It is important to note that there are criticisms that could be levied against these two films that illustrate a “new form” of Palestinian documentary. The militarism and radical action depicted in early Palestinian cinema is largely absent, in favor of a more introspective human drama that webs out from the affects of occupation and colonization. This can be critiqued as a loss of militant spirit within Palestinian culture and activism in the face of an Israeli chokehold. However, one possibility that should be considered is the idea that form itself could oppose a gargantuan state. For instance, with Like Twenty Impossibles, Jacir employs a “fake documentary” style (similarly to Private) that re-appropriates documentary aesthetics to illustrate suffocating oppression: “as fiction films, with all the possibilities that fiction’s control and imagination can achieve, fake documentaries are also (artificially) anchored to the material world, with all the political and emotional possibilities that the body and the body politic can inspire” (Juhasz 2). Like Twenty Impossibles, while operating in the realm of fiction, does not seek to capture a heightened reality (a la Errol Morris). What we can see is a platonic ideal of this “anchoring” to the material world, with events that could so wholly transpire in the current Palestinian crisis that this fictional footage could exist in the same realm as spontaneous “real” captured encounters. As mentioned before, this fake documentary style emphasizes the “breaks” within the sound and footage to reflect the nature of Palestinian existence and resistance in the current situation, but the form also points to an arrangement of power that radically opposes the hegemonic characterization of occupation as a “conflict” or “two-sided war” (implying an equal playing field in regards to violence and cultural oppression). As Juhasz writes further: “fake documentaries imply, sometimes state, and often critique the crucial relations between documentary and the textual and actual authority it assumes, reflects, and constructs. This send up may be in the service of a good laugh at authority, but it as often serves as a serious critique of power” (2). We can see this relationship at work in a fraught yet humorous encounter between a checkpoint unit and the filmmakers. An Israeli soldier asks Annemarie where she is from, to which she responds “Palestine.” He remarks she has a U.S. passport, and she explains she lived in New York. “Actually, I was born in Miami!” he remarks excitedly. This encounter, spurred by questions about what the filmmakers are aiming to shoot, is followed by another soldier taking Annemarie aside and saying to her: “if you’re so unhappy here, go home.” When she responds that she is home, he holds up her passport, “why do you need this then?” It follows the line of questioning on display throughout the film, an insane circular logic aimed to codify the power and legitimacy of the Israeli state at every turn. The sound is barely audible, and the cinematographer is clearly struggling to maintain focus and balance, returning to the theme of productive “rebuilding” within the cinema form. The questioning ends with the soldiers pointing at the camera, and yelling for the filming to stop yet again, ascribing a power to the production itself.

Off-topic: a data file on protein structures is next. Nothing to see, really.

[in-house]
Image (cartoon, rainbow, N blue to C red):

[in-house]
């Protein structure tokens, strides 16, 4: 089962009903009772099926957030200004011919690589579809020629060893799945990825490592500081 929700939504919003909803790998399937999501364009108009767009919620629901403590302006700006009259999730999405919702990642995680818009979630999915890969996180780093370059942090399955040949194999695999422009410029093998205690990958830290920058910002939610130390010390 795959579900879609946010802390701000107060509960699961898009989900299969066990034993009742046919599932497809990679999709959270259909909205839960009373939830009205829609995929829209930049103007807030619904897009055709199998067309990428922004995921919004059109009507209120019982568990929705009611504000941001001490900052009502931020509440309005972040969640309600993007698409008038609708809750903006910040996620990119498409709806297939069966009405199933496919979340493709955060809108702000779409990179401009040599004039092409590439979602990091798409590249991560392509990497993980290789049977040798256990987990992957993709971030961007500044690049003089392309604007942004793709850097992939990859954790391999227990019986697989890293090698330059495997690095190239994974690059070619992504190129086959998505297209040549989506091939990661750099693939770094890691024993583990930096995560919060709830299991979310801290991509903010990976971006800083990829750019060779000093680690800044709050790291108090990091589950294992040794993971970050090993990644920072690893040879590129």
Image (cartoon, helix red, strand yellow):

The first-person filmmaking style of 5 Broken Cameras is also a powerful device that formally opposes the Israeli state’s logic. When breaking down the common notions of first-person cinema, Alisa Lebow writes: “the ‘I’ is always social, always already in relation, and when it speaks, as these filmmakers do, in the first person, it may appear to be in the first person singular ‘I’ but ontologically speaking, it is always in effect, the first person plural ’we’. The grammatical reference reminds us that language itself, though spoken by an individual, is never entirely our own invention, nor anyone else’s. Despite the fact that we believe it to express our individuality, it nonetheless also expresses our commonality, our plurality, our interrelatedness with a group, a mass, a sociality, if not a society (Lebow 3).” Burnat’s narration and the structure of 5 Broken Cameras elucidates this, as we follow Burnat’s personal life with his family (specifically following the birth and growth of his son) along with the resistance demonstrations he takes part in. This development of an already-established community and family on film specifically plays to the strengths of first-person cinema: “this is as true about the expression of individuality and subjectivity in first person films as it is in language itself… they are quite the opposite, in most cases, of the singular ‘I’, and can even be understood to be a ‘cinema of we’, rather than a ‘cinema of me’” (3). As Israel attempts to sow separation and deny the status of the Palestinian community, Burnat’s first-person filmmaking reaffirms these concepts.

The reconstructive aesthetics on display here illustrate a new type of image resistance to the Israelis that was not previously seen in the more militant Palestinian cinema. However, there is also the question of why these filmmakers so depart from cultural norms, when Palestinian literature and cinema to this day largely tend towards formal “smoothness” and unbroken continuities to establish a continuous identity: “the structure of the sentences in ‘Men in the Sun’ and the structure of the characters’ consciousness link these distances and bridge them. Consequently, a continuity and fluidity between areas is created, similar to the fluidity formed by the camera in Michel Khleifi’s Wedding in Galilee, where the eye of the camera moves from the village to the olive groves and from the olive groves far from the horizon” (Gertz 84-85). The discontinuities of Jacir and Burnat’s films are deployed in a radically disparate way than Khleifi and novelist Gassan Kanafani’s work that firmly establishes the continuity of both the people’s history and the land’s history. But the way Jacir and Burnat’s films operate heavily in discontinuities already plants these histories as something to protect, and the “breaking” and “rebuilding,” although a complete formal departure from the early Palestinian documentary and the norms of Palestinian media aesthetics, illustrate the struggles of existence when the brutalities of the Zionist project descend on the artist. When such forces try to tear a thing apart, piecing it back together can be an act of defense, criticism, and affirmation.

Gaines, Jane, “Political Mimesis.” Collecting Visible Evidence, eds. Jane Gaines and Michael Renov. Minneapolis, University of Minnesota Press, 1999 (84-102).
Gertz, Nurith, and George Khleifi. Palestinian Cinema: Landscape, Trauma and Memory. Edinburgh Univ. Press, 2008.
Juhasz, Alexandra, and Jesse Lerner. F Is for Phony: Fake Documentary and Truth's Undoing. University of Minnesota Press, 2012.
Lebow, Alisa. The Cinema of Me: The Self and Subjectivity in First-Person Documentary Film, Columbia University Press, London, 2012.
Valassopoulos, Anastasia. “The International Palestinian Resistance: Documentary and Revolt.” Journal of Postcolonial Writing, vol. 50, no. 2, 2014, pp. 148–162., doi:10.1080/17449855.2014.883172.
Van Gils, Martijn, and Malaka Mohammed Shwaikh. “Fighting without Weapons: Palestinian Documentary Films and Acts of Resistance.” Asian Affairs, vol. 47, no. 3, 2016, pp. 443–464., doi:10.1080/03068374.2016.1225903.